A critical analysis is not merely to inform, but also to evaluate the worth, utility, excellence, distinction, truth, validity, beauty, or goodness of something.
The challenges of being critical are many. Some writers are reluctant to use negative critical language against someone else’s work or ideas. Finding the right critical “tone” is important — and that tone is formed with the words the writer chooses. Another more basic problem is some new writers simply don’t know how to argue.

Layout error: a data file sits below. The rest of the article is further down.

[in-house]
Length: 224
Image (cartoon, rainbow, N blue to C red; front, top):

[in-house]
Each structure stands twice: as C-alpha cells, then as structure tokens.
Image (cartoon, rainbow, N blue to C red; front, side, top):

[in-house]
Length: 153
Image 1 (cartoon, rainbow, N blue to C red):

In this seminar, we’ll take a look at some examples of critical analyses and explore their tone and structure. At the end of this talk, you will know how to basically structure a critical paper and choose the appropriate critical language.